Land Bill debate – Naidu: Change the administration, don’t change the law
31 July, 2021, 10:48 am
There is a big difference between State land and iTaukei land, says prominent Suva lawyer Richard Naidu.
During an online discussion on Thursday, he said Government’s main mistake in their proposed amendments to the State Lands Act and iTaukei Land Trust Act was treating the two different types of land with the same “fix”.
Mr Naidu said Bill No.16 dealt with a proposed amendment to the State Lands Act while Bill No.17 was a proposed amendment to the iTaukei Land Trust Act.
He said the suggestion that there were delays dealing with commercial leases at the iTaukei Land Trust Board was not correct and TLTB processed mortgage and other consents quickly.
However, he said it was a fact that dealing with State land was bureaucratic, slow and difficult, and asking for consent to a mortgage could take weeks or even months, and the Government could have received complaints about it.
“I think what the Government said was ‘let’s fix the (Department of Lands) problem, let’s change the law,” he said.
“My first problem with that is if there is a bureaucratic problem, go and fix that problem. Change the administration, don’t change the law.”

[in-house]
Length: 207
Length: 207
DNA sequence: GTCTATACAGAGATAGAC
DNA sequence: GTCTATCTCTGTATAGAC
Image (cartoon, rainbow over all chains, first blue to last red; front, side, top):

Mr Naidu said the laws pertaining to the two land types were different and Government had simply “copied and pasted” the law changes as if they were the same.
Mr Naidu said that unlike State land, which belonged to all Fiji citizens, iTaukei land did not belong to all indigenous people.
It belonged to a particular mataqali, yavusa or landowning unit and it was their land.
He said in one sense, the State Lands Act and the iTaukei Land Trust Act were the same when it came to requiring consent for leasing land.
However, he said, they each talked about consent in a different way.
“The TLTB Act states that a lessee can’t alienate or deal with a TLTB lease without consent.
“It also says that it is in the absolute discretion of TLTB, whether it consents or not.”
Mr Naidu said the State Land Act also required that permission but the words “absolute discretion” did not apply to State leases.